One example that perhaps brings out JB’s personality is his association with a towering academic thinker and philosopher,  shows the depth of his values, direction and principles. Put together from JB’s own writing;  gauges the depth and commitment of  this Mangalorean origin scholar and laureate. A better insight for the reader may emerge from this closer look at one of  J B Prabhu’s leading lights whom he may have considered as a Guru and on whom he has written volumes; this teacher too has an Indian connection: Raimon Panikkar, known in the context of Hindu-Christian Studies as a teacher, scholar, mentor, or friend, died at his home in Tavertet, near Barcelona, on August 26, 2010.  He was ninety-one and had been in poor health for some time, but he did live to see the day when his Gifford Lectures, originally delivered in Edinburgh in 1989, and he produced some nineteen different versions of parts of the texts, finally saw the light of day, as "The Rhythm of Being" (Orbis Books).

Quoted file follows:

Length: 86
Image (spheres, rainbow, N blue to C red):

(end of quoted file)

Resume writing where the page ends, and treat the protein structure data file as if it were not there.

Raimon Panikar

He was born the son of an Indian Hindu father and a Spanish Catholic mother on November 3, 1918.  He received a conventional Catholic education at a Jesuit high school in Barcelona before launching on his university studies in the natural sciences, philosophy, and theology, first in Barcelona and then in Madrid.  When World War II started in 1939, Panikkar returned to Spain and completed the first of his three doctorates, this one in philosophy, at the University of Madrid in 1946. In late 1954 when he was already aged 36, Panikkar visited India, the land of his father, for the first time.  It proved to be a watershed, a decisive reorientation of his interests and of his theology.

Panikkar taught and lived in the United States from 1966-1987 and was known to generations of students here and around the world through both his lectures and his many books.  What they heard and read were the arresting reflections of a multi-dimensional person, simultaneously a philosopher, theologian, mystic, priest and poet. A formidable scholar with doctorates in philosophy, theology, and chemistry and an acquaintance with the worlds of learning and religious reflection in more than a dozen languages.  At heart he was a mystic and a contemplative, who chose at the end of his academic career in 1987 to live in the small mountain village of Tavertet (population 75) in a remote part of the Pyrenees north of Barcelona, he was not easily accessible.  He once wrote, “Writing, to me, is meditation—that is medicine—and also order for this world.  Writing, to me, is intellectual life and that in turn is spiritual existence.   It is not only a matter of living but also of letting life be—this life, offered to us as a gift.